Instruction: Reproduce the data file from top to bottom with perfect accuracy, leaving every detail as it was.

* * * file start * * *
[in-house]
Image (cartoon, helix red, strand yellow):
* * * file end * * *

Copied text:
[in-house]
Image (cartoon, helix red, strand yellow):